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Best grazing areas in PNW?

 
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Hi,
We are looking toward relocating to Oregon or Washington, and I am interesting in any opinions as to preferred areas for livestock grazing (horse, cow, goat), as the creatures are coming with us. It would be nice not to have to irrigate pastures in the summer, so eastern Washington and Oregon may be less desirable, I presume. Our research is more focused on Cascadia than eastern WA or OR so far, still trying to find some balance between no rain and too much rain! Anyone care to weigh in on this?

Thanks so much.
Elia

 
pollinator
Posts: 460
Location: Bothell, WA - USA
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Western OR and WA have lot of river bottomland that stays pretty moist September through June. Some of it might be too soggy to graze in the winter, so having some sloping elevated land attached to it is a huge bonus (also for feeding winter hay).

Some areas along the Oregon coast are really great too! Expect frequent rain and wind.

Expect to pay $3k-8k acre depending on land quality and proximity to urban areas.
 
pollinator
Posts: 185
Location: Hendersonville, NC
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I recommend using a Precipitation Map for Oregon and WA. Land may look attractive in Raymond, WA for example until you find out they have 80 inches of rain. Also use the NRCS soil maps to discover which properties have hydric soils and what soil types available. Lots of river bottom land is for sale, but a lot of it floods. Then when you settle on a couple properties look at the geodata for the county to discover if the property is in a 100 year flood plain, has wetlands, etc.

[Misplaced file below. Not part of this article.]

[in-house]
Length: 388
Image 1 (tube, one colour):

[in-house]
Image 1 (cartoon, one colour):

http://websoilsurvey.sc.egov.usda.gov/App/WebSoilSurvey.aspx
 
author
Posts: 946
Location: 6200' westen slope of colorado, zone 6
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the big challenge with non-irrigated grazing land in the PNW is the Mediterranean climate there. By Mediterranean climate, I mean wet winters and dry summers. The PNW gets almost all of its precipitation in the October-May time period, when pastures are not going to be productive due to lack of light. As you move into May and June, the pastures will grow great, but then quickly dry up during that natural Summer drought. Irrigation is a very good thing in this type of climate.

So I would say, find irriagted pastures, away from sodden bottomlands, in areas that receive a moderate amount of rainfall, but are adjacent to mountains that capture a large snowpack for irrigation.

good luck!
 
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